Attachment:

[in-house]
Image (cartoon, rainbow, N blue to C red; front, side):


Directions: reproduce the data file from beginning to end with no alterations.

[in-house]
Image (cartoon, rainbow, N blue to C red; front, side):